Meisje speelt in zee shutterstock 1665526813

Safe swimming in the sea

The sea does not take you into account, so make sure you are well prepared before you go swimming.

Swimming in the Texel sea

Never go further than your hips into the sea. This in because of the currents and sudden depths. For your safety, it is prohibited to enter the sea with air mattresses and the like.

On Texel, beach areas 9, 12, 15, 17, 19, 20, 21 and 28 are patrolled from July until the beginning of September. Lifeguards are present daily from 09.00 hours to 18.00 hours. The other beach areas are not patrolled. Between posts 31 and 33 it can be very dangerous to swim; so do not do this!


Lifeguards use flags to indicate whether or not the water is safe:
- Red flag: swimming not permitted
- Yellow flag: dangerous to swim, do not go into the sea
- White flag: a child has been lost or found

Swimming advice

  • Swim at guarded beaches (the Texel beach poles 9, 12, 15, 17, 19, 20, 21 and 28 are guarded in July and August from 9 a.m. to 6 p.m.)
  • Follow the flag of the lifeguard
  • Swim along the shore, don't swim off the shore
  • Never swim alone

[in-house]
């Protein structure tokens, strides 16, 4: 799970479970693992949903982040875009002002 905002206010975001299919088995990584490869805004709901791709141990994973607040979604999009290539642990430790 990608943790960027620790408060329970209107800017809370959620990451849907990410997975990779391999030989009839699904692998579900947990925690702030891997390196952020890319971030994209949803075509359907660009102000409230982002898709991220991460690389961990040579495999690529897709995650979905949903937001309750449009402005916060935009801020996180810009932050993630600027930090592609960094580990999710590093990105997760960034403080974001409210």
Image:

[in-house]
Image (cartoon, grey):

• Someone in distress at sea? Do not go into the water yourself, but sound the alarm
  • Stay away from breakwaters (the stone dams in the sea)

Watch out for rip currents, breakwaters and strong currents

Photographer: Shutterstock

A rip current is a strong current close to the coast, towards the sea. The location of a muy can vary from day to day, they can arise anywhere on the coast. The muy itself is not dangerous, but panic and exhaustion are. Powerful ripples can form around breakwaters. In addition, breakwaters are overgrown with barnacles and mussels that can cause severe cuts.

What if you get caught in a rip or strong current?

  • Call for help
  • Do not panic
  • Let yourself float, so do not swim against the current
  • Swim left or right when the muy loses power

More on Texel in summer

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